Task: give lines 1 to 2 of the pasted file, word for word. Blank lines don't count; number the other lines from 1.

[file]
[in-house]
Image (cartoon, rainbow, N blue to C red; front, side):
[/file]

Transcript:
[in-house]
Image (cartoon, rainbow, N blue to C red; front, side):